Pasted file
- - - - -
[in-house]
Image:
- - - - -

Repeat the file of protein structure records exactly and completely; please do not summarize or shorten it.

[in-house]
Image: